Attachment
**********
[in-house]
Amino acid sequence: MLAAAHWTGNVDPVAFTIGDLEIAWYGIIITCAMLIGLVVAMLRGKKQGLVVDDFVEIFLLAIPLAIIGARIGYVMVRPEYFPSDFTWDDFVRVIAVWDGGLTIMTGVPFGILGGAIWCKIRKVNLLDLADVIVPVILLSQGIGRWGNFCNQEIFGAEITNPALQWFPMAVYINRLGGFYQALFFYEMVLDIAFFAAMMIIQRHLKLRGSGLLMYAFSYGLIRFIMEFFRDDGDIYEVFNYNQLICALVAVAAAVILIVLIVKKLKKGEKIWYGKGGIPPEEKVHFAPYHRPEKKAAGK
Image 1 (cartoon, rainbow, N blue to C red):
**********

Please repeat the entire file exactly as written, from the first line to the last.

[in-house]
Amino acid sequence: MLAAAHWTGNVDPVAFTIGDLEIAWYGIIITCAMLIGLVVAMLRGKKQGLVVDDFVEIFLLAIPLAIIGARIGYVMVRPEYFPSDFTWDDFVRVIAVWDGGLTIMTGVPFGILGGAIWCKIRKVNLLDLADVIVPVILLSQGIGRWGNFCNQEIFGAEITNPALQWFPMAVYINRLGGFYQALFFYEMVLDIAFFAAMMIIQRHLKLRGSGLLMYAFSYGLIRFIMEFFRDDGDIYEVFNYNQLICALVAVAAAVILIVLIVKKLKKGEKIWYGKGGIPPEEKVHFAPYHRPEKKAAGK
Image 1 (cartoon, rainbow, N blue to C red):